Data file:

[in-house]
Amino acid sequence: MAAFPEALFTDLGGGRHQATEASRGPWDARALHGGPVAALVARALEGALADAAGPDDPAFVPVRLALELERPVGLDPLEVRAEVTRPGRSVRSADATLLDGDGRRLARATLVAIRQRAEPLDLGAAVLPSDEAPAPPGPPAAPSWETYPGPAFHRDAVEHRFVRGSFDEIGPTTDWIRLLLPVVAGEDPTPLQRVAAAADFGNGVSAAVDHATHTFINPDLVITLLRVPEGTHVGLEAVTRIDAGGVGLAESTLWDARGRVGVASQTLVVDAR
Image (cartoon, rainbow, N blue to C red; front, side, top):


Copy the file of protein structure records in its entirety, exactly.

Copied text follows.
[in-house]
Amino acid sequence: MAAFPEALFTDLGGGRHQATEASRGPWDARALHGGPVAALVARALEGALADAAGPDDPAFVPVRLALELERPVGLDPLEVRAEVTRPGRSVRSADATLLDGDGRRLARATLVAIRQRAEPLDLGAAVLPSDEAPAPPGPPAAPSWETYPGPAFHRDAVEHRFVRGSFDEIGPTTDWIRLLLPVVAGEDPTPLQRVAAAADFGNGVSAAVDHATHTFINPDLVITLLRVPEGTHVGLEAVTRIDAGGVGLAESTLWDARGRVGVASQTLVVDAR
Image (cartoon, rainbow, N blue to C red; front, side, top):